From The Wall Street Journal - Friday August 28, 2009
SHANGHAI -- BOE Technology Group Co., a Chinese maker of display panels, said it will lead a consortium investing about $4.1 billion to build an advanced liquid-crystal-display factory in Beijing, another example of how China is attracting high-end manufacturing even as it remains a major maker of low-cost goods.
The announcement Thursday by BOE follows one earlier this week from South Korean LCD maker LG Display Co. that it intends to build an LCD plant in the southern Chinese city of Guangzhou that could cost more than $3 billion. Samsung Electronics Co., the biggest LCD maker by revenue, also said earlier this week it is interested in building a plant in China, though it didn't elaborate.
LCD panels are used in everything from cellphones to computer displays to TVs. Both the planned plants by BOE and LG Display are slated to use "eighth-generation," or 8G, technology, which makes panels from larger sheets of glass than earlier generations.
Most LCD plants in China use older fifth-generation technology. Using larger sheets of glass makes it easier and more cost-effective to produce panels for large-screen TVs -- 8G plants can make panels larger than 50 inches across. BOE said its facility will take 26 months to build.
Most countries have an advantage either in more labor-intensive production or in more technologically advanced, capital-intensive manufacturing and services.
China -- known as the world's factory floor making goods like shoes and toys -- in recent years has also attracted investment in higher value-added sectors like semiconductor production. Intel Corp., for example, is building a $2.5 billion computer chip plant in northeastern China's Dalian.
Companies are attracted by government incentives such as low-cost land, by the fact that much of the electronics supply chain has shifted to China and by the country's large and growing internal market. While demand for LCDs has been tepid in the U.S. and Europe, sales in China have been steady this year, thanks in part to a government program designed to spur sales of consumer electronics in rural areas.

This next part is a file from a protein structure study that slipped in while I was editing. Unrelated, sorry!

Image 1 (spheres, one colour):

Still, some companies are wary about making the most-advanced products in China out of concern for protecting their technology. Intel's factory will be two generations behind its other plants -- the first time the California company has built a plant at less than the state of the art.
Intel now fabricates its chips in the U.S., Ireland and Israel, but most of them are shipped to Asia for packaging and sold to customers there. So the company had an incentive to place a factory in China. But U.S. government regulations restrict exports to China of the most advanced chip-making technology, which could have military applications.
Intel spokesman Chuck Mulloy said the company deliberately avoided establishing a joint venture with a local company or accepting government investments that might have required transferring manufacturing know-how to others in China.
All of the biggest LCD panel makers are in Asia, primarily Korea, Taiwan and Japan. Asian LCD makers are rushing to build new factories as panel prices have stabilized since the beginning of the year after plunging last year because of a supply glut.
The BOE plant's technology isn't the most advanced in the industry either. Sharp Corp.'s new LCD plant in Sakai, Japan, will use 10th-generation technology, which can produce panels bigger than 60 inches. It is slated to begin operations in October.
— Jin Jing, Yun-Hee Kim and Don Clark - Printed in The Wall Street Journal, page B4